However, modern reissues and revamped iconic designs can allow collectors who love a certain style to double down with both the precious midcentury original and the modern-day version. Collectors can save their vintage treasures for special occasions and wear the modern interpretation with heightened shock and water resistance every day.
As the ranks of vintage collectors have swelled, some of the elitist rules of thumb that once guided watch collecting have relaxed to embrace more progressive attitudes. Once, collectors fell into two silos: modern and vintage. Today, those lines are blurring as buyers embrace both worlds. “We’re seeing more of an eclipse of buyers of vintage and modern,” says Friedman, who knows collectors who are as likely to post Instagram photos of their vintage Daytona as they would of their new Audemars Piguet Supersonnerie minute repeater. “Watch collecting is becoming less focused on one particular era and more focused on postwar contemporary art.”
Reardon has also noticed this shift as he goes out to evaluate collections, observing that vintage collectors used to be more focused on a particular brand or complication compared to their modern collector counterparts. “Whether it’s five or 100 pieces, there is almost always a mix of modern and vintage together,” he says. “You see a cross-section of pieces from the 1930s and ’40s through pieces made last year. These hybrid collections are the norm rather than the exception now, whereas 10 years ago it was very much the exception to see someone combine old and new.”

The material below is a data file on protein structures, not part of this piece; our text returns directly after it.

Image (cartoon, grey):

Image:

Alfredo Paramico, a Miami-based investment banker and collector turned watch dealer, claims to have always kept an eye on both sides of the market. “I have always had a parallel approach, even today,” he says, noting that his interest in contemporary pieces is focused on high-profile brands like Patek Philippe, Rolex, Audemars Piguet, Breguet, and Hublot, while he has been “shy” when it comes to small, independent producers. But he has evolved his attitude when it comes to complications. “I think any collector starts with the desire to own watches with complications,” he explains. “Over time, I understood that the beauty and the importance of a watch is not given by the number of complications. For example, I consider a Patek Calatrava from the ’40s with a very rare and particular dial more important than a chronograph perpetual calendar.”
As supply dwindles and prices climb, younger collectors are also more open to discovering previously unheard-of and long-defunct brands at more approachable price points, such as Universal Genève, Enicar, and others. While some designate a specific grail watch, such as a second-series Patek Philippe Ref. 2499, others simply want to find the best-quality 1940s chronograph that is out there, regardless of the name on the dial. “In that case, it opens the door for quality, condition, and originality,” says Reardon. “Those are defining factors that are more important than brand in many cases, especially in the under-$5,000 range. It’s more about capturing the look and originality than the brand or the function.”
For those entry-level collectors, the goal is to wear a unique piece of history on their wrists while the latest-generation iPhone sits in their pockets. “We live in a world where everything is soulless,” says Aurel Bacs, founder of Bacs & Russo, the watch department at Phillips auction house. “The cars we drive are absolutely perfect, but they don’t smell like the cars of our fathers and grandfathers anymore—they don’t make noises anymore. In a world that has no soul, we are looking for a soul to give us stability, story, and the heirloom factor. So the vintage watch responds very well to a society—particularly a young society—that hasn’t had that yet.”